Logging the Grind

Does anyone else here keep formatted notes when they run the game? I do, and some of the other GMs I know do as well. I’ve noticed we all have our own system, and some have advantages and disadvantages. I’m curious about what different systems of notation might be out there.

Here’s mine:

I have a small MUJI notebook specifically for grind logs. At the top of the session I write the date, the players who participated, who delivered the prologue, and sometimes the adventure name and how many sessions it has been.

Then I have the following column headers:

# – Character – Skill -------- Ob – Light – P/F/√ – Note -----------

The grind turn, which I don’t number more than one or two lines in advance. If the action is a spell I will write “S” in this column, if it’s an instinct I write capital “I”. When the Grind hits, I circle the number, be it 4, 8, 16, etc.

The name of the character who took the test.

The skill that was tested.

The obstacle. If it’s a versus test, I write “v” and the number of successes I rolled.

Light tracking column. Sometimes I will write T for torch, C for candle, L for lantern, then draw a vertical line down through subsequent tests to track when it expires. This gets a bit fiddly with spells and prayers but it works well for parties who carry enough light to keep everyone in the bright.

I sometimes use another method when the party is very large, or if some characters end up in Dim or Dark lighting. I write the first letter of each character’s name in a circle based on their seat at the game table. Then I circle those in Bright light for the turn, and I cross out those in darkness.

Pass, Fail, Checks. If the test is passed, I will write a P, if it fails I write an F. If it was a saving throw, like against a trap, with multiple characters rolling on the same turn, I write something like P3 F1. Then I make a check mark for each check that was earned.

Here I write one or two words to help remind me what went on, and what happened as a result. For example, if the party was climbing a cliff and the rest of the log tells me it was a failed dungeoneer test, all I need to write is “Cliff Exhausted” and I know that this was probably a conditional success.

It may seem like a lot of work, but with four years of practice I can reliably make these logs in varying states of stress and sobriety. They’re immensely useful when players are delivering the prologue, when people suddenly remember they forgot to log advancement, or when I’m writing up actual plays after the fact. Also, they’re fun to look back through when you’ve really forgotten what happened, and they make a great basis for actual data when you’re designing new rules.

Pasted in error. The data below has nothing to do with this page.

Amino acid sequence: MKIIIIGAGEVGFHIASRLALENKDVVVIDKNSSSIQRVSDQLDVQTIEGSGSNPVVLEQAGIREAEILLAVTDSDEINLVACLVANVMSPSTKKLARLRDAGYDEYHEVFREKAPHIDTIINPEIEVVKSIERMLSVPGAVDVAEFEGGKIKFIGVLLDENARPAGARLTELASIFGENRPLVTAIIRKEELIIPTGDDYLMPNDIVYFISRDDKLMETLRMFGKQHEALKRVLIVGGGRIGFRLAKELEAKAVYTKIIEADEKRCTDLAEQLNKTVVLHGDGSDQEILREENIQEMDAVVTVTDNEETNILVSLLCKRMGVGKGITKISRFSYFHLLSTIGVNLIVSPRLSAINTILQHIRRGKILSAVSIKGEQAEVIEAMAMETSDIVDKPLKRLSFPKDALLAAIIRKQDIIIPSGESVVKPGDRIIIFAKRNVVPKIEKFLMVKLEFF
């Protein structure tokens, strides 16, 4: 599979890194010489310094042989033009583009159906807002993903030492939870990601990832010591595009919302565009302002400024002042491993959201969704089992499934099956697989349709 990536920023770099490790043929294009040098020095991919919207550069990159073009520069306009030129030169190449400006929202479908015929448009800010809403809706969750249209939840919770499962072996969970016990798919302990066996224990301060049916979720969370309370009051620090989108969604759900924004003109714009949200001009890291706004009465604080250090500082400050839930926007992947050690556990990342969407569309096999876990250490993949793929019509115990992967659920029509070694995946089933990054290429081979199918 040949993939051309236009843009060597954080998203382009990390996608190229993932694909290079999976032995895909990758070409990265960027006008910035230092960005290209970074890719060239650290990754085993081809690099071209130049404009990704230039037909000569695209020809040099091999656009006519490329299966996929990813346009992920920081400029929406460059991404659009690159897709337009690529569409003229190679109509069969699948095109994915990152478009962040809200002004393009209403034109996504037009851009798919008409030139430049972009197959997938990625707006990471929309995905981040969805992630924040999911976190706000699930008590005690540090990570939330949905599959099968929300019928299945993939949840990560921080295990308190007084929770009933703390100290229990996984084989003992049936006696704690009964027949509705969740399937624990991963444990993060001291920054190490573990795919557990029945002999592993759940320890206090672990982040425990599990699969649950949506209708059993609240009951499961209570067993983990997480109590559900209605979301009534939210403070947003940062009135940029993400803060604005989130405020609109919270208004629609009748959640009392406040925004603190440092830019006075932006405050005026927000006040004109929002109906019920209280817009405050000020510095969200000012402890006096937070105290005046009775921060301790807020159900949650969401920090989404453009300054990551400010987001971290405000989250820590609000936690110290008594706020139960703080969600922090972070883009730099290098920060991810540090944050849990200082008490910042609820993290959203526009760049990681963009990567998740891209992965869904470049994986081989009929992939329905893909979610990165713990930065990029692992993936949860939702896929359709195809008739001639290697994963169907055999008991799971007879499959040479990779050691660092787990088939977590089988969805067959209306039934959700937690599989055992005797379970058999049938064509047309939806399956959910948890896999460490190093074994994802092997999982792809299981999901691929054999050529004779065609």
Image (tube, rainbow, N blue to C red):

Do you do anything like this? Any tips and tricks? Features I’m missing? :mage:


I keep a test log, both as a player and GM. I usually just note skill and player name, with an asterisk if the test is free. Key outcomes get added to the right.

I’ll box camp and town, and note at the end of the session what turn we’re on or other important details.

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I was keeping track in a small notebook, but now that I have a cheap laptop I’d probably use Google docs instead. Since I use them for everything else.

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As I play in Roll20, the chat log keeps these notes for me.

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I do roughly the same as you, Mordreth, though I haven’t kept track of light level previously.

I like to use little cash ledger notebooks for this, since they’re finely ruled with columns.

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I primarily play in roll 20 which keeps a log of the rolls for me and use a macro which tracks the skill used, the Ob, and allows players to enter a description of what the roll is for.

I find the logs useful for a lot of the reasons you mentioned and also use them designing and prepping for the next session and look for things like the types, Obs, and numbers of tests made.

I forgot my primary use of this as a GM: checking in on spotlight time for each player.

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Do you bother noting number of dice rolled in tests?

How do you log conflicts? Just as a turn and a note on the outcome? Do you note conflict-type and dispos?

Do you log weather-type?

Nah, I usually just note the Obs. Between that and the Pass/Fail column, that’s all I really need to know. When the players start tapping traits, wises and nature the number of dice can change pretty quickly.

I just note the turn, the level of compromise, and a note for the outcome. Unfortunately this leaves virtually no record of what happened in the conflict. This never bothered me until I started trying to write actual plays… now I’m just recording audio for sessions.

I haven’t used formal weather mechanics much at all. When I use weather it’s usually as a twist, so that record would be in the log.

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